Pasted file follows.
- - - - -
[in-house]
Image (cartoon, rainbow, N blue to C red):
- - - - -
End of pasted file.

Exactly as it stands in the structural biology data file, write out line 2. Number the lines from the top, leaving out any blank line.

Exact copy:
Image (cartoon, rainbow, N blue to C red):